What is a Trust?

A. What Exactly is a Trust?

A trust is a legal relationship between at least two people regarding some type of property, where one person is holding the property for the benefit of another person.

A trust is not a legal entity, but you can think of a trust being like a business, with the trustee as the only employee (usually), and is managing the trust assets for the benefit of a shareholder (the beneficiary). 

In many cases, the operations of the trust (the trustee's duties) are very similar to how a small business would operate, with some very notable exceptions which are outside the scope of this article. The greater the number of assets and the more complex the assets are will result in a trust functioning much more like a business than simply a relationship with property.

For purposes of estate planning, a trust is an important estate planning tool used to avoid probate, minimize an estate's exposure to estate taxes, and to preserve assets for passing to intended beneficiaries, among other benefits.

B. What Types of Trusts are There?

There are many types of trusts available and most are identified by their purpose or features, such as a revocable living trust, an irrevocable life insurance trust, charitable trusts, testamentary trusts, and a variety of others.

Most people generally have a revocable living trust, which is revocable during their lifetime, but will become irrevocable upon their death.

C. What is the Difference Between a Revocable Trust and an Irrevocable Trust?

A revocable trust is one in which the trustor can revoke the established trust, in whole or in part. This provides a more flexible option to alter provisions or to move property around in the future if circumstances change. This is the most common type of trust for the average person looking to reduce the post-death administration costs and pass their assets on to beneficiaries.

An irrevocable trust is one in which the trustor cannot revoke the trust. In most cases, the terms are not modified in the future, and the trustor may not reclaim the property once placed into the trust without creating other issues. These types of trusts are most commonly utilized for asset protection or for tax purposes. Modification of these types of trusts is much more difficult, if it's even possible at all.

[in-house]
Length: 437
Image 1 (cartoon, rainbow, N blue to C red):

Some trusts, such as the ordinary revocable living trust, is both revocable and irrevocable. It just depends on when you are examining the trust. If you are examining the trust while the settlor is alive, then it is likely revocable, while if you are examining the trust after the settlor's death, it is likely irrevocable.

An important distinction and common misconception is that just because a trust is irrevocable does not mean that it cannot be modified (amended). For most revocable living trusts, however, they cannot usually be modified after the trustor's death. 

D. What is the Difference Between a Trustor, Trustee, and Beneficiary?

A trustor, also referred to as a settlor, trustmaker, or originator, is the person who establishes the trust. This could be one or more people or entities.

A trustee is the person who manages the assets that are held in trust. This can be one or more people, but is often limited to, at most, two people. The trustee is the person that holds title to trust assets and holds the assets for the benefit of the beneficiary. This role comes with various fiduciary obligations and disclosure requirements.

A beneficiary is any person who would receive the benefits of the assets held in trust by a trustee. Over the course of a trust administration, the beneficiaries may change based on certain conditions that occur (i.e., the death of another person).

For revocable living trusts, these people are typically all the same person while the trustor is alive and has capacity. Over time, the trustee and beneficiary may change, but the trustor would stay the same.

E. What is a Revocable Living Trust?

A revocable living trust is one which is established by one or more persons which is revocable and amendable while all of them are alive. Beyond this, the terms may vary depending on the circumstances.

For a single person, this type of trust is designed to be held, for the benefit of another, by the trustee during the trustor's lifetime. Upon that person's death, the trust becomes irrevocable and cannot be further amended, and the assets are subsequently distributed as designated by the trustor in the trust.

For a married couple, it is essentially the same process, except that upon the death of one spouse, the terms vary depending on the circumstances. The options are (A) all of the assets are distributed to the surviving spouse (or to a subtrust with the surviving spouse's full control) and the surviving spouse can amend or revoke that subtrust in its entirety, (B) none of the assets are distributed to the surviving spouse (or no assets are distributed to a subtrust under the surviving spouse's control) and is not subject to amendment or revocation by the surviving spouse, or (C) there is some split of assets partially under option A and partially under option C.

For some married couples and for unmarried couples, it might make sense to set up separate trusts to be administered. This is very common with blended families, or when each spouse has substantial separate assets.

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